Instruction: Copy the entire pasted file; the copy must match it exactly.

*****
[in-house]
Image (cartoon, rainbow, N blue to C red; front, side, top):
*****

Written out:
[in-house]
Image (cartoon, rainbow, N blue to C red; front, side, top):